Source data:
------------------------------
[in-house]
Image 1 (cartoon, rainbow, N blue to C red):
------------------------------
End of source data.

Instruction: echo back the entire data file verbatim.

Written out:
[in-house]
Image 1 (cartoon, rainbow, N blue to C red):